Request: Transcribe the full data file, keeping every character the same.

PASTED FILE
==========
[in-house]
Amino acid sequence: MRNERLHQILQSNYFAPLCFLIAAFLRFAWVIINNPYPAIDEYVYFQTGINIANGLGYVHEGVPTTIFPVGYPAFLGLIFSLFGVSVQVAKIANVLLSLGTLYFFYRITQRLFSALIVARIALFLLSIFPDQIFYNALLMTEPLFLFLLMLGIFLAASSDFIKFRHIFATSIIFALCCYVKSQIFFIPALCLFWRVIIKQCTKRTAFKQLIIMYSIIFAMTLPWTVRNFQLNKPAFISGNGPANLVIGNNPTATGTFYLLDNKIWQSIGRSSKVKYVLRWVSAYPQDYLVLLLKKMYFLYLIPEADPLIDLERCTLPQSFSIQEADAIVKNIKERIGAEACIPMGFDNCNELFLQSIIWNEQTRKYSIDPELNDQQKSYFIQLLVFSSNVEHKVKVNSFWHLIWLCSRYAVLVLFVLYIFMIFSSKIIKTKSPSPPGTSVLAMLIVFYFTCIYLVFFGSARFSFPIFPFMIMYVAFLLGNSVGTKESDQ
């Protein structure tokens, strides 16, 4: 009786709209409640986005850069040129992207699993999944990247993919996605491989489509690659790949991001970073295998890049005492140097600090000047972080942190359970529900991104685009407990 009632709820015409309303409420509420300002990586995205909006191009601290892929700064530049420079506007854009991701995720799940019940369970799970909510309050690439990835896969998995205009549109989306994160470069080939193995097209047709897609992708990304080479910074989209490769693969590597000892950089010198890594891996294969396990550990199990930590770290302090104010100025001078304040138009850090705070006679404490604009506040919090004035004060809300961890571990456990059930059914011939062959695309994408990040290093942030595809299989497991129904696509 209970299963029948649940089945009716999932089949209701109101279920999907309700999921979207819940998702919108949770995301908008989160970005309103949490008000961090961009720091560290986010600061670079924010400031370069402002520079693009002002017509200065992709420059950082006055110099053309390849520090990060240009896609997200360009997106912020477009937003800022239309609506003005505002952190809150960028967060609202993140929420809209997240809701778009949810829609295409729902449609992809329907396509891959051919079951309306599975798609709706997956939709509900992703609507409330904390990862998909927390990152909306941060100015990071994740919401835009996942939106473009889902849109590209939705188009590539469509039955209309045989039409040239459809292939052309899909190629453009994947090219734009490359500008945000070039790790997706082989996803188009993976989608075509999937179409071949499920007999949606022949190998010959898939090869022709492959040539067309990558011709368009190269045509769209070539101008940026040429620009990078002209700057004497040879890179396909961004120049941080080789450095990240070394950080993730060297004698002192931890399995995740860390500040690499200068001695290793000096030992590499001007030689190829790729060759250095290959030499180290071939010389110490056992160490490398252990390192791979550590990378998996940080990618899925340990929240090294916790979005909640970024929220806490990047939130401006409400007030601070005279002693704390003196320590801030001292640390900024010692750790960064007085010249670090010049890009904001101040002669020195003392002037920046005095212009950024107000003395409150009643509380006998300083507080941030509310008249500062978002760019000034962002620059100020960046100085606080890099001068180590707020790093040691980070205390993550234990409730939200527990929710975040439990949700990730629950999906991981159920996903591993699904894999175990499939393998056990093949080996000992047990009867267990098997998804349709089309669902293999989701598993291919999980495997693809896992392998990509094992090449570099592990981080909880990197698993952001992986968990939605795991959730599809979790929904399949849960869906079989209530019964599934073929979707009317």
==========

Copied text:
[in-house]
Amino acid sequence: MRNERLHQILQSNYFAPLCFLIAAFLRFAWVIINNPYPAIDEYVYFQTGINIANGLGYVHEGVPTTIFPVGYPAFLGLIFSLFGVSVQVAKIANVLLSLGTLYFFYRITQRLFSALIVARIALFLLSIFPDQIFYNALLMTEPLFLFLLMLGIFLAASSDFIKFRHIFATSIIFALCCYVKSQIFFIPALCLFWRVIIKQCTKRTAFKQLIIMYSIIFAMTLPWTVRNFQLNKPAFISGNGPANLVIGNNPTATGTFYLLDNKIWQSIGRSSKVKYVLRWVSAYPQDYLVLLLKKMYFLYLIPEADPLIDLERCTLPQSFSIQEADAIVKNIKERIGAEACIPMGFDNCNELFLQSIIWNEQTRKYSIDPELNDQQKSYFIQLLVFSSNVEHKVKVNSFWHLIWLCSRYAVLVLFVLYIFMIFSSKIIKTKSPSPPGTSVLAMLIVFYFTCIYLVFFGSARFSFPIFPFMIMYVAFLLGNSVGTKESDQ
């Protein structure tokens, strides 16, 4: 009786709209409640986005850069040129992207699993999944990247993919996605491989489509690659790949991001970073295998890049005492140097600090000047972080942190359970529900991104685009407990 009632709820015409309303409420509420300002990586995205909006191009601290892929700064530049420079506007854009991701995720799940019940369970799970909510309050690439990835896969998995205009549109989306994160470069080939193995097209047709897609992708990304080479910074989209490769693969590597000892950089010198890594891996294969396990550990199990930590770290302090104010100025001078304040138009850090705070006679404490604009506040919090004035004060809300961890571990456990059930059914011939062959695309994408990040290093942030595809299989497991129904696509 209970299963029948649940089945009716999932089949209701109101279920999907309700999921979207819940998702919108949770995301908008989160970005309103949490008000961090961009720091560290986010600061670079924010400031370069402002520079693009002002017509200065992709420059950082006055110099053309390849520090990060240009896609997200360009997106912020477009937003800022239309609506003005505002952190809150960028967060609202993140929420809209997240809701778009949810829609295409729902449609992809329907396509891959051919079951309306599975798609709706997956939709509900992703609507409330904390990862998909927390990152909306941060100015990071994740919401835009996942939106473009889902849109590209939705188009590539469509039955209309045989039409040239459809292939052309899909190629453009994947090219734009490359500008945000070039790790997706082989996803188009993976989608075509999937179409071949499920007999949606022949190998010959898939090869022709492959040539067309990558011709368009190269045509769209070539101008940026040429620009990078002209700057004497040879890179396909961004120049941080080789450095990240070394950080993730060297004698002192931890399995995740860390500040690499200068001695290793000096030992590499001007030689190829790729060759250095290959030499180290071939010389110490056992160490490398252990390192791979550590990378998996940080990618899925340990929240090294916790979005909640970024929220806490990047939130401006409400007030601070005279002693704390003196320590801030001292640390900024010692750790960064007085010249670090010049890009904001101040002669020195003392002037920046005095212009950024107000003395409150009643509380006998300083507080941030509310008249500062978002760019000034962002620059100020960046100085606080890099001068180590707020790093040691980070205390993550234990409730939200527990929710975040439990949700990730629950999906991981159920996903591993699904894999175990499939393998056990093949080996000992047990009867267990098997998804349709089309669902293999989701598993291919999980495997693809896992392998990509094992090449570099592990981080909880990197698993952001992986968990939605795991959730599809979790929904399949849960869906079989209530019964599934073929979707009317």